5. PriuStorm

    PriuStorm Senior Member

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    I don't think you should worry too much about one or the other being marginally better, but instead focus on which solution will help you excel better in class.

    I used to compete in typing (in high school I thought I would be a secretary), and type regularly 85-100wpm with few errors. But I would elect to take notes on paper for several reasons, primarily because it allows me greater flexibility in my notes.

    I was in engineering classes (lots of higher math, equations, problems, etc.) and lecture often involved a complicated problem being worked out. Everything the teacher wrote on the board I annotated in pen/ink. But often he (yes, they were all male teachers) would make a clarifying statement about the problem or maybe answer another student's question... these ad-lib statements that weren't necessarily part of the lecture or problem I would work into the appropriate area with pencil. Really important things were highlighted. Sure, probably overkill complicated, but it worked well for me to recall the class lecture and how the various problems were solved. It helped that my handwriting was neat, too. :)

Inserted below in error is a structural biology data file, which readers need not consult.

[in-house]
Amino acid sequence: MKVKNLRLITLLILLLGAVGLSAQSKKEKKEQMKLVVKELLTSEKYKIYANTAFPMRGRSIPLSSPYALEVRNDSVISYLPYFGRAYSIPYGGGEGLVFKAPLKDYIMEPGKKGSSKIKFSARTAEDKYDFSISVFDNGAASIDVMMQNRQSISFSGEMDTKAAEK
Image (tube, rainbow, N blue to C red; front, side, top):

But probably for a class that is just straight lecture without complicated equations and such would be fine just typing on your laptop.

    Best of luck... what are you studying?
     
  6. patsparks

    patsparks An Aussie perspective

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    Damn hard to draw a quick sketch when your typing. Sometimes a sketch is the easiest way to recall some things.
     
  7. djphill

    djphill Master of The World

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    ya the thing is I'm going to start taking classical civilizations and asia in the 21st century, so they are mostly factual/lectures. I also think it is a good point, because my handwriting tends to be pretty bad. Any other suggestion to help me make the final decision.